It may just be me, but the whole film kind of felt like a huge Angel episode. One where Angel and co have already been defeated by ‘Wolf, Ram and Hart’ and are now running the entire world to their own set of skewed rules. It felt like the ‘bad guys’ had won the battle, but in order to win the war had to keep sacrificing a certain amount of people to hold the ‘ancient ones’ at bay.
It was like this was really the series end of Angel and it showed us that the demonic law corporation was alive and well and holding back the evil gods by the skin of their demonic teeth. Having Whedon regulars like Amy Acker (never a bad thing) and Fran Kranz (a personal favourite after his brilliant role in Dollhouse), not to mention Tom Lenk (it was nice to see him in something other than the Pepsi Max commercials he’s been trapped in), sort of made this film seem like ‘old home week’ already, but add in the massive plot device and the twist at the end of the movie and it still felt a little like an Epilogue to Angel season 5.
But despite the niggly feeling that Eliza Dushku was going to suddenly show up and save the day, I enjoyed the film. The very presence of Richard Jenkins(who gave a star turn as the father figure in the film Let Me In) ensured that the calibre of acting was going to be top notch and it was. I adored the explanation of how the whole thing worked. The ‘participants’ had free-will going for them. Okay the cards were pretty much stacked against them from the get go, but they still had the liberty to misbehave or not. The entire feel of the ‘behind the scenes’ guys was brilliant. Right down to the betting pools on which ‘big bad’ was going to dispatch the group.
The writing was pure Whedon and Goddard gold. The scene where the gas station attendant rings the control room for a strange almost biblical rant. He stops mid-rant and asks, “Do you have me on speaker-phone?” With much choked back giggling and gestures to keep quiet, the controller talking to the gas station guy says, “Yep, I did. Sorry about that.” He then makes a knocking noise and says, “Okay, you’re off.” Of course gas station guy isn’t off the speaker phone and the giggling and laughing clues him into this. The entire film was worth the price of admission just for this scene alone.
It was these type of scenes combined with the subtle action that made the film worth watching. Wendy Lin (Amy Acker) turning up her nose at the office pool and then at the last minute placing her bet. The slow realization that everything is resting on their televised sacrifice show and the pressures and tension that entails. The premature celebrations when they think they’ve won. I could go on but what would be the point?
The film was a brilliant attempt at satirizing the horror/slasher genre that just doesn’t quite work. The film has stand out moments and for my money Fran Kranz stole the show. The Cabin in the Woods was plagued with problems from the get go. The studios who had given the film the green light, then turned around and wanted to first change the format to 3D and then just wanted to get rid of the finished product. *Interesting to note that the other film the studio was desperate to get rid of was the re-make of Red Dawn. Red Dawn also starred Thor aka Chris Hemsworth. It makes you wonder what the studio was thinking.*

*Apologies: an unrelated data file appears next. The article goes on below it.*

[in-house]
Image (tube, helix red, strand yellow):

I did also get the feeling that Kristen Connolly was a replacement for Felicia Day who must not have been available for the shooting schedule. I was desperate to see this film and was gutted when I missed it’s cinema run. Watching it last night, I was actually glad that I didn’t see it on the big screen as I don’t think it would have enhanced the experience at all. I am now waiting for the blu-ray copy to come in so that I may see the making of featurettes that I live for.
My final verdict is that the film is a must see for Whedon fans, or indeed Goddard fans, and it’s still very entertaining. It is not a horror film (I thought I’d better warn you) and it only just misses the satire genre. The film is still clever and what we have come to expect from Mssrs Whedon and Goddard.
- Exclusive: Fran Kranz Talks Cabin in the Woods and More (dreadcentral.com)
- ‘Cabin in the Woods’ takes awesome new twist on old horror staples (Video) (examiner.com)
- Film: Interview: Fran Kranz on Dollhouse, Cabin In The Woods, and Much Ado About Nothing (avclub.com)
- Left 4 Dead 2 almost got ‘Cabin in the Woods’ DLC (joystiq.com)
- Check Out Some Unseen Creatures from The Cabin in the Woods (dreadcentral.com)
- We Almost Got A Left 4 Dead Expansion Based On Cabin In The Woods [Left 4 Dead] (kotaku.com)
- Valve Was Developing The Cabin In The Woods Video Game For Left 4 Dead 2 (forbes.com)
- Lionsgate/Roadside to Distribute Joss Whedon’s ‘Much Ado About Nothing’ (slashfilm.com)
- Win a Copy of The Cabin in the Woods on Blu-ray (dreadcentral.com)
7 thoughts on “The Cabin in the Woods (2011): Wolfram and Hart go Big-Time”
This is EXACTLY what I thought of the film (just saw it this past week). Except I went with episode of Buffy first off but episode of Angel does make a lot more sense. I so wanted to love it and didn’t but I did enjoy it.
Same here. Enjoyed the film a lot but it did just feel like an epilogue to Angel.
Nice write up Mike. Not being a fan of Whedon really, this film never hit home with me as it did for other people.
Yeah, unfortunately I think you would have to be a fan of both Whedon and Goddard for the film to really be enjoyable. 🙂
Interesting. I just warn you: trying to figure out what they are thinking at the executive level in TV or movies is a direct road to madness. They are not like us. They aren’t anything at all like us.
I agree! 🙂